Dust exposure is an issue for most construction workers and companies. Due to the dangers resulting from dust inhalation; employers and workers must be aware of where it might come from and take action to remove dust from air in their workplace. While employers are obliged to educate and protect their employees from health hazards, many workers are surprised to learn of the dangers they’re exposed to during construction. To avoid exposing workers to occupational dangers, here are reasons why construction companies should implement dust control measures in the worksite.
Toxic dust comes in several forms:
Chemical dust like pesticides, chemicals, and even paint can harm the lungs. Also, there’s metallic dust that if processed, tiny bits of lead, cadmium, aluminum and other metals are discharged into the air, slowly poisoning workers. When exposed to an open flame, this dust can also become extremely combustible. But to prevent this, there are various tools and machines from bosstek.com that you can use to control dust and its adverse effects.
Long-term exposure to vegetable dust when handling wheat, flour, wood, cotton, tea, cereals, and other organic goods may not sound dangerous, but it can cause irreversible harm. Dust accumulated during sugar processing has been known to be highly flammable and has been involved in several unfortunate workplace harmful occurrences. Also, molds and spores are especially deadly because they can grow in unexpected places, putting unprepared employees at health risks.
Overexposure to dust can cause serious health problems, including brain damage. Inhaling tiny, respirable dust particles frequently has been linked to dementia and an increased risk of strokes, that’s according to studies. While there is no definitive link between dust exposure and brain health, the study found that brains that were less exposed to dust were in better shape.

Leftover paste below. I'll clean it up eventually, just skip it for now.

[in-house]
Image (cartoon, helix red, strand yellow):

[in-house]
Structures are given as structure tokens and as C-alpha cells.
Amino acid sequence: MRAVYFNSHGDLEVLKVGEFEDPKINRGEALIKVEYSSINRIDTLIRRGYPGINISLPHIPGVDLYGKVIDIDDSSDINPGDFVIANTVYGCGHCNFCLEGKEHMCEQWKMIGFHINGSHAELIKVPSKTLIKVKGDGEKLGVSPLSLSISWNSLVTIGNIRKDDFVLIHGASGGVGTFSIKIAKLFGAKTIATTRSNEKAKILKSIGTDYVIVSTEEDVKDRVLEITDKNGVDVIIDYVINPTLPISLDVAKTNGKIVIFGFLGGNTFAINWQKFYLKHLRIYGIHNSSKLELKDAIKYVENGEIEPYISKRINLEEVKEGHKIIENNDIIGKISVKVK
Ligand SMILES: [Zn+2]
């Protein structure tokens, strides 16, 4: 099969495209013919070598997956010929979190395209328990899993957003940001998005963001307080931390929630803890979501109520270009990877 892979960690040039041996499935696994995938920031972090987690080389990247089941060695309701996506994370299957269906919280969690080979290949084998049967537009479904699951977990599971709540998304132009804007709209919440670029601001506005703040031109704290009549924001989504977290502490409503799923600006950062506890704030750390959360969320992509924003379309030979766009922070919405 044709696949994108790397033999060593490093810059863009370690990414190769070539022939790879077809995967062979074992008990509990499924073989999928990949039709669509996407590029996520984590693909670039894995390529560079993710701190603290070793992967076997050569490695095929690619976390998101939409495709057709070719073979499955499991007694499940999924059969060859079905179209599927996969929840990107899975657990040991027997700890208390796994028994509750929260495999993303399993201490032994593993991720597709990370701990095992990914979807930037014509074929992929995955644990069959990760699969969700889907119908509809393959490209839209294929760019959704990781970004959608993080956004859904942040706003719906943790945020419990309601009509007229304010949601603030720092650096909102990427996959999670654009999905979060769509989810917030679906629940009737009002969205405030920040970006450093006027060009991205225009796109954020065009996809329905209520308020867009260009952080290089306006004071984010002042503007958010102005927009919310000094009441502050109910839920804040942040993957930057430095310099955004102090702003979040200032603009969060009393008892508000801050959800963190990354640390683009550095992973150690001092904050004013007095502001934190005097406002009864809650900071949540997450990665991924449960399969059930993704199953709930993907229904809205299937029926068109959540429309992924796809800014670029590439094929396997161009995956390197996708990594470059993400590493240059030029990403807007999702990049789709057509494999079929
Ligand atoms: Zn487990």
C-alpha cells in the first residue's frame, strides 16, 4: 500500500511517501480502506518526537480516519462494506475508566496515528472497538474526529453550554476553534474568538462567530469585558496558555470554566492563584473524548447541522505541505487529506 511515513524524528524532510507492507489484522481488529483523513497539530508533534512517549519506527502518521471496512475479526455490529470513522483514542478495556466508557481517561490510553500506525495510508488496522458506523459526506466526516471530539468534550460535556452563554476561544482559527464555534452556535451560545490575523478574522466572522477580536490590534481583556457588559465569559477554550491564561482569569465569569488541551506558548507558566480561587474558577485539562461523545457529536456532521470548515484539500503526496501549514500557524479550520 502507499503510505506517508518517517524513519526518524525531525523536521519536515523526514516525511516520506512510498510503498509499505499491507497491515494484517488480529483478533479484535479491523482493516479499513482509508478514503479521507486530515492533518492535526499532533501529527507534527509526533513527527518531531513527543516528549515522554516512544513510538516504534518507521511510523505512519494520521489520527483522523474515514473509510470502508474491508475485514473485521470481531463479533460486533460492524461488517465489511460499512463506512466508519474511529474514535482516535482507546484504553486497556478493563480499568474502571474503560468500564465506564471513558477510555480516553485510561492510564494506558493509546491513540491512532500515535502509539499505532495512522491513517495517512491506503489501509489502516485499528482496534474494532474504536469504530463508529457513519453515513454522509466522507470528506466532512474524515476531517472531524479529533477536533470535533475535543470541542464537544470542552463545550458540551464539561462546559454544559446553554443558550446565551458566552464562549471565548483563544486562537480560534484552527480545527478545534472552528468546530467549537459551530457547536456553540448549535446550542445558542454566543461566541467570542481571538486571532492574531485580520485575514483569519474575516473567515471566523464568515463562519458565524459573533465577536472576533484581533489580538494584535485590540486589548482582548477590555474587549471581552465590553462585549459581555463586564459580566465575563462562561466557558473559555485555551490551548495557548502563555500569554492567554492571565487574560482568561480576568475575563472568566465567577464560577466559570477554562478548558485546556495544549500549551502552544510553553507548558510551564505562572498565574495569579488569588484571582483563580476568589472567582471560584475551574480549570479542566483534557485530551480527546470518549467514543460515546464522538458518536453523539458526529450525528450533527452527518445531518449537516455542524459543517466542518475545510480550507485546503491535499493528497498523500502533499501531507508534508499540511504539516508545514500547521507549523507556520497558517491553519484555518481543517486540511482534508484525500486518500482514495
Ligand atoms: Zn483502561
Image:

Dust exposure can induce breathing difficulties, which can lead to life-threatening respiratory infections. Respirable dust consists of fine dust particles that are easily absorbed into the nose and throat. These can then build up and obstruct airflow in the lungs, resulting in chest obstructions. Pneumonia and asthma can be brought about by dust exposure.
As such, certain dust particles are more harmful than others; for example, dust from grain, wheat, wood, and reactive colors can cause coughing fits, wheezing, and chest constriction. Occupational asthma is debilitating, but pneumonia is caused by a build-up of dust in the lungs and infection can be lethal.
The most serious health risk linked to workplace dust is a lung disease. Silicosis and lung cancer can both be caused by excessive exposure to respirable crystalline silica (RCS). The long-term effects of dust exposure on the lungs are, unfortunately, incurable. Employers must put their employees’ health first and keep dust levels to a bare minimum.
Dust explosions are real and their effects are unimaginable. Long-term accumulation of dust can lead to fire hazards. But by using industrial vacuum cleaners you can lower the amount of flammable powder floating in the air. This not only reduces the risk of dust explosions, but also improves the breathing environment for workers, reduces slip hazards, and even prevents back injuries caused by cleaning heavy dust.
Dust control is an important health and safety measure that should be practiced to protect employees. Failure to do so can lead to adverse effects such as fires and long-term diseases